Home > mint-lounge > features > Lounge Review | Manish Arora’s 2014 festive collection

Imagine someone giving you many more reasons to love a person or an idea you already love passionately. Imagine those reasons revealed through a show-and-tell experience. That’s what Manish Arora’s Festive 2014 show did at the India Couture Week which concluded last Sunday.

For those inspired by global cultural traditions without being able to explain why, this show, a part of his label Indian by Manish Arora, was an enlivening advocate. The spectacular staging—an Arora signature—with a psychedelic square on the stage surrounded by shining black surface tiling, so sparkling that it looked like still water, had models coming down a staircase from a glass-encased window on a higher-floor level at the French embassy in New Delhi. This was an off-site show.

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Titled Kaleidoscope, the collection had six segments. The Crown, inspired by crowns of monarchs from across the world; Temari, an old, aristocratic Japanese craft; The Light Fantastic, from the popular Light Festivals of Belgium and France; The Jewels, deriving from the Indian fascination for gold; The Peacock, inspired by the The Peacock Room in Castello di Sammezzano in Tuscany, Italy; and Iridescent, for sheer love of the sheer.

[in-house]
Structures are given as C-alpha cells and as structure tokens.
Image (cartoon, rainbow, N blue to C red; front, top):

Prodded by the memory of Arora’s former shows, this is what audiences expect from the designer. So what is new?

It is difficult to call Manish Arora “old" or “has been" even though he may repeat his signature fashion moves. He doesn’t cook a tried-and-tasted pudding with nostalgia as its sweetest ingredient. Instead, he communicates in new denominations the visuals he picks up from around the world. Tested inside his fashion laboratory, it appears that the wan and insipid among them fall by the side while the sensational, tactile and colourful survive. Reposed on the stage, they prod us to think rather than ask: So who will wear these garments?

Perhaps only a few will (some do) as a Manish Arora ensemble shown on a ramp can’t be taken literally. That’s perhaps not even his purpose—what he does is hold a mirror to those who love couture. When you look into the mirror, instead of seeing your (bridal) self, you see the world.

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